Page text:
Accumulating evidence has revealed that a large number of miRNAs play critical roles in regulating osteoclastogenesis; however, miRNAs involved in bone metastasis were elusive. Ell et al. identified that miR-16 and miR-378 promoted osteolytic bone metastasis in breast cancer and bladder cancer. These two miRNAs may be potential therapeutic targets and biomarkers, indicating that miRNAs could be critical to bone metastasis and tumor progression. As we described, although the incidence of bone metastasis in CRC is relatively less identified, the prognosis is worse. Numerous studies demonstrated that CRC is a kind of cancer that can be markedly regulated by miRNAs (Fang et al., 2012; Ma et al., 2013; Ye et al., 2013; Fu et al., 2014; Li et al., 2015; Xiao et al., 2015; Deng et al., 2016; Feiersinger et al., 2016; Noguchi et al., 2016; Fantini et al., 2017; Boriachek et al., 2018; Kandimalla et al., 2018; Lv et al., 2018). Typically, upregulated miRNAs in cancer promote the cancer, whereas downregulated miRNAs are likely to suppress tumor progression. MiR-155 and miR-503 were two reported miRNAs involved in invasion and metastasis of CRC (Noguchi et al., 2016; Liu et al., 2018). On the other hand, miR-320d, miR-203, miR-144, and miR-99b-5p prevented the proliferation, migration, or invasion in CRC cells (Xiao et al., 2015; Deng et al., 2016; Tang et al., 2019). Although correlation between miR-7062-5p and CRC was not identified in previous studies, we found that the expression of this miRNA can be upregulated in OCPs after stimulation by CRC cells and participate in osteoclast formation, indicating that a novel miRNA, miR-7062-5p, may specifically correlate with bone metastasis from CRC. Our findings together with previous studies revealed the diversity of miRNAs involved in different metastatic sites of CRC.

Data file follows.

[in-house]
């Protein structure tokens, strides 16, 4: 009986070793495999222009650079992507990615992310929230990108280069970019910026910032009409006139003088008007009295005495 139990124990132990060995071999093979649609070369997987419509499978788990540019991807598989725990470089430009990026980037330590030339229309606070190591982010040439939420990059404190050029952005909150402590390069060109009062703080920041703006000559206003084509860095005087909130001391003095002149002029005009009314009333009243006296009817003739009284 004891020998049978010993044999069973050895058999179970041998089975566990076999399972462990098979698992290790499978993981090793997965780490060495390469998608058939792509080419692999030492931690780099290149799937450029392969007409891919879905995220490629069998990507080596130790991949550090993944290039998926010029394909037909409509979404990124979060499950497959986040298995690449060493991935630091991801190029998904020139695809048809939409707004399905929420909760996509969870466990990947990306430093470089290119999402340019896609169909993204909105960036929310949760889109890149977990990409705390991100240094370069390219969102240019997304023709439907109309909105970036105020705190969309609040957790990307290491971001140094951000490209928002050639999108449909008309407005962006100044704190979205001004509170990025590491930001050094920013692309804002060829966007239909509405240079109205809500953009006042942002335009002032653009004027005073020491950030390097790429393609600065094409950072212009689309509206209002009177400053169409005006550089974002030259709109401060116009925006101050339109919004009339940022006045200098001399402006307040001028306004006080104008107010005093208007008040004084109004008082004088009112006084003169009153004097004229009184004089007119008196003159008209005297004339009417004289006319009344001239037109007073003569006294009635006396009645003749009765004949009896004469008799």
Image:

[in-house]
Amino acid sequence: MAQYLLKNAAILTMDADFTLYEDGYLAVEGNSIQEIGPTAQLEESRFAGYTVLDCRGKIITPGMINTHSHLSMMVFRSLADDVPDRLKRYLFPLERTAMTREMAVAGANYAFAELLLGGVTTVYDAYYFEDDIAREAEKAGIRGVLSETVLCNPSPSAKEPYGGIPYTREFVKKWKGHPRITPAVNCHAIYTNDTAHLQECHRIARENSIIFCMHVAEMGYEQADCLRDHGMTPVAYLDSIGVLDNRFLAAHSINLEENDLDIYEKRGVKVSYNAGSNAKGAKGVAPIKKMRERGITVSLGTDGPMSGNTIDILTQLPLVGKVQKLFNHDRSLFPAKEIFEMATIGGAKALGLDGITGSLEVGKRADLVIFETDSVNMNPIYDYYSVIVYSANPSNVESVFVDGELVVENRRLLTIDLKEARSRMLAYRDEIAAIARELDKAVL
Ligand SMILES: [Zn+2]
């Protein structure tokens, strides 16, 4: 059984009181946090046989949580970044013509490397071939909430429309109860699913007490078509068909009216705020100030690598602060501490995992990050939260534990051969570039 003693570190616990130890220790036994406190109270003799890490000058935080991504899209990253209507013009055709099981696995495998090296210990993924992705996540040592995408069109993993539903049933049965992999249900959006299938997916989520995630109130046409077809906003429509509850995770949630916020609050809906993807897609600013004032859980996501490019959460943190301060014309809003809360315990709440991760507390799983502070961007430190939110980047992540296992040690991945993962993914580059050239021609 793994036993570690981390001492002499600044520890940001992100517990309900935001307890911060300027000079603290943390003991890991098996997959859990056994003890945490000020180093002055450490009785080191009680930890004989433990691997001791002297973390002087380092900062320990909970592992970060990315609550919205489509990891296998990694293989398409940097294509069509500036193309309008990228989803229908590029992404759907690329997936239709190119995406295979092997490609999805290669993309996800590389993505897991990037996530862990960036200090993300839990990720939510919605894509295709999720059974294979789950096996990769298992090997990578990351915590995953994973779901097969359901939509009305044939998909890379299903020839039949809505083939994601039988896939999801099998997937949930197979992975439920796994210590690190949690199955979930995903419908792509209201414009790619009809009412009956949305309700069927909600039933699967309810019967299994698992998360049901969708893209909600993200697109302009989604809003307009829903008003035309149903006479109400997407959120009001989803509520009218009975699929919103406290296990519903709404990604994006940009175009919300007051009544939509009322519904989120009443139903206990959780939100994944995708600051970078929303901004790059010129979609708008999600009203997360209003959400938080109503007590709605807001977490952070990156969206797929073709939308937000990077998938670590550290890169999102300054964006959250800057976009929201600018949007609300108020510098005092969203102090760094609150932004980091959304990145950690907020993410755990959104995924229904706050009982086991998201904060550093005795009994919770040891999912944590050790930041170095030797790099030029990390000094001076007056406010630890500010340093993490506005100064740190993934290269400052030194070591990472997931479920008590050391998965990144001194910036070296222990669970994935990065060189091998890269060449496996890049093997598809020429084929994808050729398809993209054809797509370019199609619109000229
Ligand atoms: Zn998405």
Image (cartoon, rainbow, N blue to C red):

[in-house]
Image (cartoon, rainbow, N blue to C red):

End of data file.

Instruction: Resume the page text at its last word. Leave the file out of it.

We here proved GPR65 is the target gene of miR-7062-5p. GPR65 is a member of G protein–coupled receptor family. Recently, the expression of GPR65 was found to be closely associated with intestinal diseases (Tcymbarevich et al., 2019a). Moreover, Tcymbarevich et al. revealed that deficiency in GRP65 in macrophages positively promoted the progression of inflammatory bowel diseases (Tcymbarevich et al., 2019b). As OCPs derive from monocyte/macrophage cell lines, these findings implied that GRP65 may play an important role in regulating physiological process in macrophages. In this study, we identified that overexpression of GPR65 can reverse the osteoclastogenesis induced by miR-7062-5p, indicating that GPR65 plays a role in anti–osteoclast differentiation in bone metastasis of CRC. One study ever reported that TDAG8, another name of GPR65, inhibited osteoclastic activity in osteoporosis (Hikiji et al., 2014), which supports our findings.